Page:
What's in an age?
I have done almost five weeks in this role, and I have already lost count of the number of rooms I’ve walked into where people have been barely able to contain their surprise that I am Bristol’s new DDO (diocesan director of ordinands).
The elephant in the room, I assume, is my relatively young age in comparison to the significance of the role. Now, I will confess to rigorously using an excellent skin cream, but I suspect this is not the main cause of the problem. At 32, I am young to have been trusted with the responsibility of this role and having just come out of curacy means that I have less of the traditional experience that a DDO might be expected to have.
However, I have been greatly encouraged by the willingness of the Diocese to move beyond what might be expected and to make a surprising appointment in light of the changing landscape of the Church.
On my first day in the role, my devotional reading happened to be from 1 Timothy 4, which contains the sentence, ‘Don’t let anyone look down on you because you are young, but set an example for the believers in speech, in conduct, in love, in faith and in purity’ – what great encouragement (and deep challenge) that God does not look primarily at a person’s age but the holiness and faithfulness of their life.
From Abraham who was 75 when he first set out in response to God’s call (Genesis 12:4) to Samuel, the boy who heard God’s voice in days when the word of the Lord was rare (1 Samuel 3:1). From Anna in the temple who had been a widow for 84 years (Luke 2:37) to Mary, the teenager called to bear the Son of God (Luke 1:26-38), God calls the very young and the very old, and all in between, based primarily on their open heart and obedient spirit and not the length of their life.
We all know and celebrate this in principle, so why have I encountered so many bemused faces in response to my appointment?
In spite of the obsessive attention given to youth and beauty in our culture (and perhaps in prophetic resistance to it), the church is heavily influenced by the idea that age and experience are necessities for wisdom and maturity.
Of course, age and experience do bring with them immense wisdom and maturity, which are of great benefit to the people of God, as Job (12:12) and Proverbs (16:31) testify. However, this focus may lead us to forget that wisdom is essentially a gift from God (James 1:5; 1 Kings 3:5-12; Job 28:23), given in his grace to those who are humble enough to ask for it.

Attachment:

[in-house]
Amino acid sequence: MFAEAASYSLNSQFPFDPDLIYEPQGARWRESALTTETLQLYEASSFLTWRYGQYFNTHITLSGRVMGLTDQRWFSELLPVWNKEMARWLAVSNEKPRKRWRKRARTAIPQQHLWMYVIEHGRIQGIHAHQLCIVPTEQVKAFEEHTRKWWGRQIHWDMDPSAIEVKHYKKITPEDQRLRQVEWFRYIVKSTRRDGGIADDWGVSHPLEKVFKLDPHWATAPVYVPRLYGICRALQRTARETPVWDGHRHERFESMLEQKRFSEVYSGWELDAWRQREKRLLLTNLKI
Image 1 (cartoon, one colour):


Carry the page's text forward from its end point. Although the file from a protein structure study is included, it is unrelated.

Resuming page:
I am also reminded that Jesus, the true embodiment of God’s perfect wisdom, only reached the grand old age of 33!
I raise this as an issue because with the renewed national emphasis upon younger vocations, the Church is going to need to be open to increasing numbers of younger people in positions of senior leadership in the Church. It is one thing for the ministry development team to work hard encouraging and nurturing young vocations, but if churches are not willing to consider appointing a young incumbent when they finish their training, what is the point?
This isn’t just an issue to be debated by DDOs, selectors and training institutions, but the whole Church needs to embrace the idea that God delights to call and equip (the right) younger people for significant leadership roles.
How would your church feel about their next vicar being a 27-year-old or the next bishop being a 38-year-old? We know that ministry should not be primarily about age but about discerning God’s call on a person’s life and whether they have the character, skills and capacity to fulfil the particular role. But given that someone in their late 20s might have all of those things – would you whole-heartedly support their appointment?
I therefore invite you to join me in praying that God might inspire and call increasing numbers of young people to offer themselves for licensed ministry in the Church and that God might prepare his Church to wholeheartedly embrace, endorse and accept their leadership and vocation.
Helen Collins Adviser for Licensed Ministry
Adviser for Licensed Ministry